We selected and categorized sites based on whether they had been frequently burned, mechanically treated, or infrequently managed. We coarsely quantified vegetation, counted crayfish burrow entrances, and tested six methods for sampling burrowing crayfishes.

We tested two passive sampling methods and the influence of weather on trap captures:

  • Modified Norrocky traps consist of a PVC pipe with a one-way flap near the bottom and a cap on top. In concept, the crayfish exits the burrow and enters the trap as the one-way flap snaps closed behind it.
  • Mist net traps consist of a square of net material folded numerous times, tied in the middle with a string, and inserted into a burrow. When a crayfish tries to remove the net, it becomes tangled in the netting and awaits extraction by the biologist.

At least that’s how it was supposed to work. For creatures with very small brains, crayfish managed to foil these traps in remarkably diverse ways.

We also assessed four active sampling methods:

  • Excavating was relatively easy: in the refuge’s sandy soils, shovels were not needed, so we used our hands and, if necessary, a Japanese soil knife.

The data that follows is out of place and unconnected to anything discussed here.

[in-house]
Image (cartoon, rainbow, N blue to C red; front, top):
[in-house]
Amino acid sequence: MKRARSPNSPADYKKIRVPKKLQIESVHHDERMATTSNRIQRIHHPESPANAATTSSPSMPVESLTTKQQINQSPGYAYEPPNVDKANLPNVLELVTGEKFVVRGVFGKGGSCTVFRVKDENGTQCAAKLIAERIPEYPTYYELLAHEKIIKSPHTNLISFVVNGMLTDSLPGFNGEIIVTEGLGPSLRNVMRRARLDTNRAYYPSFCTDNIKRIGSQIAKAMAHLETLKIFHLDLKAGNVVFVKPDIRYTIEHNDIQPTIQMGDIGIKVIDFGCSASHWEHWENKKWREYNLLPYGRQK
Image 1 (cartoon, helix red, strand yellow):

• Suctioning employed either commercially available slurp guns used by divers to capture fishes or homemade devices. The mouth of the outer tube was placed in water inside the burrow, and the inner tube was pulled to create suction. This sometimes directly extracted crayfish, but more often, pumping it back and forth disturbed the burrow water until the crayfish came to the surface. The method worked well only when the water table was close to the surface and was often used along with excavating.

    The sampling team - six people - stand in prairie with pine trees behind them
    The sampling team at the Mississippi Sandhill Crane National Wildlife Refuge. Photo by Scott Hereford, U.S. Fish and Wildlife Service.
  • Baited line sampling were conducted at night. Crayfishes are most active on warm, wet nights, but we were only able to search on dry nights
  • Visual surveys: on the two  dry nights when we searched for crayfishes, we did not see any at all.

We mostly captured crayfish called flatwoods diggers (Creaserinus oryktes) from burrows. We also caught spinytail crayfish (Procambarus fitzpatricki), a federal priority at-risk species that occurs only in several southern Mississippi counties.